One thing robots are notoriously bad at is learning by doing. You can pack plenty of information into a robotic brain, but ask a bot to teach itself a new motor task — even one as simple as stacking blocks or unscrewing a water bottle — and you're probably out of luck.
That, however, might be changing very soon. Researchers at UC Berkeley are now developing algorithms that robots can use to learn all sorts of tasks through trial and error, just like humans do. In practical terms, this could eventually lead to home service robots capable of handling any number of tedious tasks we'd rather not do — screwing in lightbulbs, plunging toilets, folding laundry.
Traditionally, robots make their way through the world with a vast amount of pre-programming that equips them to handle a range of scenarios. While this works reasonably well in controlled environments — laboratories or medical facilities, for instance — learning to adapt to the unknown is a critical step our robots will need to take if they're ever going to become more integrated into our daily lives.
To that end, researchers involved in Berkeley's "People and Robotics Initiative" are turning to a new branch of artificial intelligence known as deep learning, which draws inspiration from how the human brain's neural circuitry perceives and interacts with the world.
"For all our versatility, humans are not born with a repertoire of behaviours that can be deployed like a Swiss army knife, and we do not need to be programmed," said robotics researcher Sergey Levine in a press release. "Instead, we learn new skills over the course of our life from experience and from other humans. This learning process is so deeply rooted in our nervous system, that we cannot even communicate to another person precisely how the resulting skill should be executed. We can at best hope to offer pointers and guidance as they learn it on their own."
If you've ever used Siri, Google's speech-to-text program, or Google Street View, you've already benefited from recent advances in this field. But applying deep learning to motor skills has proven much more challenging. In terms of complexity, physical tasks go far beyond passive recognition of sights or sounds.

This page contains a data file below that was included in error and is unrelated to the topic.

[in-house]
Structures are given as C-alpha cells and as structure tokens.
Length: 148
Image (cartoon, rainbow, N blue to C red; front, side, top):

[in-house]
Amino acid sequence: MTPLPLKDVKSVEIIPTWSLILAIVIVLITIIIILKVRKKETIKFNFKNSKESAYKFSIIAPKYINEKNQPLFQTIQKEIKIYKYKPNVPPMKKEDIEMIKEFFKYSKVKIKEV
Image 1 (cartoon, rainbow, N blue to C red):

In recent experiments, researchers have been working with a small personal robot they call the "Berkeley Robot for the Elimination of Tedious Tasks", or BRETT. For his training, BRETT is presented with a series of simple motor tasks, such as placing pegs into holes or stacking LEGO bricks. The algorithm controlling BRETT's learning includes a reward function that scores BRETT based on how well he learns a new task. That reward system is key: Movements that bring BRETT closer to completing his task score higher than those that don't, and this information is relayed across thousands of parameters in his neural net.
So far, the results of BRETT's training have been astounding. Given the location of objects in a scene, BRETT is typically able to master a new assignment within ten minutes. If BRETT doesn't have the location of objects and instead needs to learn vision and motor control together, the process can take several hours.
"We still have a long way to go before our robots can learn to clean a house or sort laundry, but our initial results indicate that these kinds of deep learning techniques can have a transformative effect in terms of enabling robots to learn complex tasks entirely from scratch," said Pieter Abbeel of UC Berkeley's Department of Electrical Engineering and Computer Sciences. "In the next five to 10 years, we may see significant advances in robot learning capabilities through this line of work."
As someone who's about to commit three solid days to spring cleaning, this is very heartening news.